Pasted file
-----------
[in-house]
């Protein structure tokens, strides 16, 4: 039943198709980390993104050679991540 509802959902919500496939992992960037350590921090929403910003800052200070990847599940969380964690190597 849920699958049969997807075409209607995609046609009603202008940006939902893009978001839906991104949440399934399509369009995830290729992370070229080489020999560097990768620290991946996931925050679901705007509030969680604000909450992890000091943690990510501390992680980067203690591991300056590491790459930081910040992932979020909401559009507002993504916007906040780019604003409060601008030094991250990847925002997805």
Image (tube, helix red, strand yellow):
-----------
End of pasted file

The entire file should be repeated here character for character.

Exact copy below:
[in-house]
């Protein structure tokens, strides 16, 4: 039943198709980390993104050679991540 509802959902919500496939992992960037350590921090929403910003800052200070990847599940969380964690190597 849920699958049969997807075409209607995609046609009603202008940006939902893009978001839906991104949440399934399509369009995830290729992370070229080489020999560097990768620290991946996931925050679901705007509030969680604000909450992890000091943690990510501390992680980067203690591991300056590491790459930081910040992932979020909401559009507002993504916007906040780019604003409060601008030094991250990847925002997805």
Image (tube, helix red, strand yellow):